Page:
I dont fancy being towed 30 miles out to sea whilst being swamped from the stern as the fish is towing the boat backwards to swell.

That scene from jaws comes to mind and i dont fancy that!!

Let me know your thoughts please folks cheers(y)
This is the dream surely ?
I pray for it 😂
 

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Discussion Starter · #45 ·
This is the dream surely ?
I pray for it 😂
I'm not wanting to target porgies.

I want to target blues hence the question, BUT i cant guarantee that i will only get blues...Im asking just incase a porgie does swallow the hook and if it would be a dangerous task to fight it or not.

Thats the beauty of fishing.....You just never know what you will hook into, And dont want to put myself in any danger. I just simply want to know a ball park figure of the boats limitations and capabilities when it comes to fighting BIG fish.

Why is this such a problem?
 

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As with anything when your at sea you have to constantly risk assess the situation.... fight the fish and if you feel you are getting out of your depth you always have the option to cut it off.
where’s the problem??
 

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Discussion Starter · #47 ·
As with anything when your at sea you have to constantly risk assess the situation.... fight the fish and if you feel you are getting out of your depth you always have the option to cut it off.
where’s the problem??
Seen as i have never hooked onto a fish anywhere near that size or strength it would be IMPOSSIBLE to make a judgement as i have no previous experiences to compare to and make the decision wether i cut off or fight?

And if i miss-judged it, Things could turn quite nasty and end very badly...

I dont understand why its such an issue for me to ask the basic and sincere question?
 

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I never felt overly comfortable in small boats using big game gear, especially with harnesses. Basically a big fish isn't going to be to much different from hooking bottom. If you hook a 20lb tope and use 10-15lb of drag there's very little difference catching a 200lb or even bigger fish using the same drag. Keep the boat moving when a big fish is alongside the boat makes them far easier to handle. Light gauge circle hooks can be handy as these can be broken making for an easy release.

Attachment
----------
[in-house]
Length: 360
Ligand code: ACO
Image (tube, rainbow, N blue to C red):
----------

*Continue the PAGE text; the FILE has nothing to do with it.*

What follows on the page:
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The hooks are rigged that way after missing several mako's using the loose rigged method, stiff rigged went to an almost guaranteed hook rate compared to the other way.
I'll sure give it a try thanks Jon.

Mystyblue - set your drag right and you are in no danger - if you hook something that wont come in you don't have to try, just chop the line as close as possible (though I hate the thought of fish trailing line with a hook in their mush). The danger comes with a big fish when its boat-side, especially on higher drags - even more so if harnessed which you wont be. Then it can be too easy to be pulled overboard - or you forget yourself and try and grab the line/wire without gloves. I fish for them single-handed and i dont wanna die in the process.